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What Happens To Babies With Microcephaly? Thankfully, It's Not Fatal

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While the risk of a possible Zika outbreak in the United States has pretty much been confirmed by the Centers for Disease Control, many of the possible health risks are still being researched. The symptoms of Zika, much like a bad flu with a rash included, usually pass within a week or two, but the risks to pregnant women and their fetuses are much more serious. In Brazil, a Zika outbreak has led to some 4,000 documented cases of babies born with various neurological disorders, the most serious of which is microcephaly. But what happens to babies with microcephaly is still not exactly common knowledge.

Microcephaly can be diagnosed during pregnancy and as part of their recommendations for possibly infected pregnant mothers, the CDC recommends ultrasounds early on to determine whether or not a fetus is developing normally. A baby with microcephaly is born with a head "significantly smaller" than other infants, according to the Mayo Clinic, which means that the brain, too, has developed abnormally. This leads to all sorts of complications for the infant after birth.

According to the CDC, the most common effects of microcephaly in infants are similar to the symptoms of any other developmental disorder, like being more prone to seizures, feeding problems that make swallowing difficult, vision and hearing issues, and not hitting "developmental milestones," such as having problems with speech, walking and other balance problems, and intellectual disabilities.

Mario Tama/Getty Images News/Getty Images
RECIFE, BRAZIL - JANUARY 26: Dr. Angela Rocha (L), pediatric infectologist at Oswaldo Cruz Hospital, speaks to Ivalda Caetano (R), grandmother of Ludmilla Hadassa Dias de Vasconcelos (2 months), C, who has microcephaly, on January 26, 2016 in Recife, Brazil. In the last four months, authorities have recorded close to 4,000 cases in Brazil in which the mosquito-borne Zika virus may have led to microcephaly in infants. The ailment results in an abnormally small head in newborns and is associated with various disorders including decreased brain development. According to the World Health Organization (WHO), the Zika virus outbreak is likely to spread throughout nearly all the Americas. At least twelve cases in the United States have now been confirmed by the CDC. Brazil reported the first cases in the Americas of local transmissions of the virus last year. (Photo by Mario Tama/Getty Images)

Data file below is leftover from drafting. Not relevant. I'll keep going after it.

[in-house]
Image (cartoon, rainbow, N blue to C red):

Actually, microcephaly is a general term for a wide array of medical conditions, according to CBS News. Microcephaly isn't just an outcome of Zika, but can occur under other conditions, like chromosomal issues like Down syndrome, or if the fetus has been exposed to substance abuse. In fact, sometimes infants are born with microcephaly but has normal brain function. "The prognosis is entirely dependent on the cause," Dr. Nassim Zecavati, of the Georgetown University School of Medicine, told CBS News back in February.

Microcephaly alone isn't fatal and according to researchers, a person with microcephaly can live a normal life span. Early speech, occupational, and physical therapy can also help a child born with microcephaly live on a day-to-day basis, according to Stat. Like most everything else, it just takes time and attention to make it work.

In countries like Brazil, where the Zika outbreak has caused "a generation" of children born with microcephaly, the medical issues turn into economic ones, as more caregivers are needed to help treat the symptoms, according to CBS News. For pregnant women right now, it's important to remember that Zika doesn't always cause microcephaly. But it could. Taking preventative measures to protect women from being bitten by the bug or contracting the virus and knowing to ask your doctor about the risks is all anyone can do while Zika remains a threat.